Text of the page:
My own answer to this question has changed over time. When I was younger, and less knowledgeable, I followed the common wisdom that teaches us that the “How many partners have you had?” question is relationship poison. Not knowing how to handle the answer to this question, I, like most men I knew, simply chose not to ask it at all.

As I was later to realize, however, choosing not to ask the question doesn’t solve the problem. Refusing to face something you’re afraid of doesn’t make that thing go away. Instead, it lays festering in your imagination, gradually turning into a demon of your own mind. And it’s a demon that can’t be beaten in the dark recesses of your thoughts. It has to be brought out into the open air, the sunlight, to be defeated.

But I, like most men, was strangely resistant to this notion. Believing, as many men do, that I somehow “owned” the woman I was with, I didn’t want to know that she had been “owned” by someone before me. My adolescent ego was faced with an intractable dilemma: I didn’t want to know, but I had to know. And the finding out would ultimately be my downfall.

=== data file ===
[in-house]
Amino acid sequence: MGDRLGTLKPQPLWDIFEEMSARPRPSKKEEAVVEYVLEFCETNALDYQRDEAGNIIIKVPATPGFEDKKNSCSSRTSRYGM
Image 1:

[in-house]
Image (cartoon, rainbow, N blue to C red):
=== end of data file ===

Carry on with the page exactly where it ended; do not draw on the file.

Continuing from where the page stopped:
I knew all that, but not having a satisfactory answer, I generally tried to ignore the problem. Sometimes it would surface on its own, though, without any questioning on my part. Someone I was seeing would casually mention previous relationships, previous affairs, previous one-night stands. I usually didn’t handle it very well.

Then I was forced to grow up. I met a woman, a remarkable human being. Intelligent, charming, caring, sexy –- everything I wanted. But she had previously worked as an escort, and was still a college student working as a stripper (no, really) when I met her. Her “number” was well into the triple digits. I had thought that my own modest, low double-digit “number” made me something of a man of the world, but I knew I was hopelessly "outmanned," so to speak.